Published on Tuesday, June 14, 2011
The summer outlook for North American travel: more. The same word can be used for international visitors, according to most predictors of this summer’s travel patterns. More again.
That was the consensus of AAA officials, US Travel Association members and Best Western International executives at a recent Leisure Travel Summit in New York City.
“As the economy continues to improve, we are seeing more people planning summer family getaways than in the past few years,” said Travel Guard Vice President, Carol Mueller.
One example: Advanced travel reservations for this summer are up more than four percent at Best Western hotels.
“Americans who made the decision to cut back on spending last year in order to save more, which meant postponing a vacation, are now actively planning and booking summer travel this year, which we believe will translate to a strong summer for our Member hoteliers,” said Dorothy Dowling, senior vice president of marketing and sales for Best Western.
Will rising gas prices discourage auto travelers? The consensus answer: no.
Despite gas prices more than $1 per gallon higher than the same time last year, Gary Oster, U.S. Travel’s senior vice president of business development, remains optimistic that travelers won’t divert from their travel plans.
“The reality is that for the average family driving 500 miles for their summer vacation the increase in their gas budget will be the equivalent of just two pizzas,” said Oster, US Travel’s senior vice president for business development. He added:
“Because Americans have been putting more into savings the past two to three years, travelers are unlikely to postpone a planned vacation this summer to the beach or one of our national parks over the cost of a dinner or two out.”
Rather than promote last-minute deals during the peak summer season, airlines, rental car brands and hotels are more likely to offer extras or value-added promotions rather than heavily discounted rates or fares as they did last summer, travel observers say.
“Travelers will find this year that they’re offered things they normally wouldn’t have before in the quoted price, such as a free breakfast, discounted passes to local attractions or bonus miles or points, rather than the ‘everything must go’ sales on seats and rooms,” said Glen MacDonell, director, AAA Travel Services.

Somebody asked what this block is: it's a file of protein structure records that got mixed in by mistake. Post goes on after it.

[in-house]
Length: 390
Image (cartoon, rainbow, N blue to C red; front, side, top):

Along with millions of Americans on the road, a growing number of international travelers, especially those from Asia and Europe, are expected to vacation this summer at popular US destinations.
Among destinations, cultural and educational experiences top the list of popular places. A Travelguard poll found almost one third planned a trip of this nature. Sunny destinations trailed only slightly.
Surveys show the appetite for weekend getaways has grown. The American Express Spending & Saving Tracker says 59 percent of Americans plan to travel this summer, compared to 51 percent last year.
Early summer traffic reflects recent reports that indicate workers are more inclined to take vacations this year because they feel more secure.
"Job security is the strongest it has been in several years, as corporate job cutting shrinks to pre-recession lows," said John Challenger, chief executive officer of global outplacement firm Challenger, Gray & Christmas, Inc. in a prepared statement. "But stagnant wages and soaring gasoline prices are likely to limit the amount of money people are willing to spend on vacations."
By David Wilkening
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